Be Willing to Embrace Change
It's not easy. But in order for there to be a smooth transition, you must first be able to accept the necessity of moving in a new direction. Next, you need to shift your thinking about yourself in relation to your team/practice. Last, the most important step in conquering your succession-sabotaging behaviors is to have a clear vision of the end of the process. Take some time to imagine what an ideal succession would look and feel like. Are you focused on your avocations, hobbies, charity work? Are you actively engaged in some other aspect of the financial field, or have your arranged to continue to work part time in your practice or as a consultant? If you can envision a positive future, it will help reduce the anxiety about engaging in the required changes and prepare you for a new future.

Commit to a Plan
Once you have emotionally committed to the succession process, the next step is to identify the aspects of your business that make you unique. You need to have repeatable practices in place that eventually will not require your presence in the practice. Finally, you need to create a strategy that reflects your understanding of the critical role that the nonfinancial aspects play in the successful outcome of your plan.

Four Fundamental Human Elements of a Strong Succession
There are four fundamental human elements that need to be addressed in your plan to ensure a successful transition of your business. They are: being an agile advisor and having committed team members, a stellar successor, and client advocates.

1. Agile Advisor
You must demonstrate a willingness to modify your thinking in a fresh, more powerful direction and embrace new behaviors. It requires letting go of the past, exploring possible alternative approaches, and embracing a new model.

2. Committed Team Members
In order to create and preserve the value of your practice, you need to motivate and retain key employees. The more indispensable you are to the business, the less valuable the business will be when you leave it. Therefore, your top employees can be even more important than you are in this process. It is important to create both emotional and financial incentives for them to remain in your practice to ensure that the clients’ needs are met and the successor achieves a successful transition.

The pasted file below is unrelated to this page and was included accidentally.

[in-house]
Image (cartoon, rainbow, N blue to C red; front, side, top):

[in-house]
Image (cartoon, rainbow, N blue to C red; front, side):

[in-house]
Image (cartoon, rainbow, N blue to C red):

3. Stellar Successor
Identifying, assessing, and retaining a key successor candidate is by far the most critical aspect of the succession process. There has to be a good fit between the potential advisor and the culture of your business. Whether your successor is a current member of your team or an outside candidate, it is important to assess his or her values, personal characteristics, strengths, and investment style for compatibility to your practice.

Both formal assessments (e.g., MBTI, emotional intelligence assessments, Caliper assessment) and structured behavioral interviews are useful in this process. Once you choose an individual, you will want to create a plan to date them, allowing for an opportunity to truly decide whether this is good decision for everyone. You must formalize deadlines, parameters, and expectations in the discussions to ensure success.

4. Client Advocates
The value of your business is directly related to the sustainability of your practice. And the sustainability of your practice is directly linked to the confidence your clients feel in your successor choice and its impact on their financial future. It is important to introduce your successor to your clients early on in the process and continually reinforce your choice by encouraging them to connect and communicate directly.

Change is a fluid process. When faced with your own resistance to change, go back to the basics. Accept the power of your role and impact of your behavior on the process. Be open to shifting your thinking about accepting new challenges. Adjust your plan as necessary so that you can fulfill your commitment to securing not only your future but also the future of the people you care about: your clients, your team, and your family.

Dr. Denise Federer is a clinical psychologist, executive coach, and founder of Federer Performance Management Group. She has been a consultant to the financial industry for 25 years.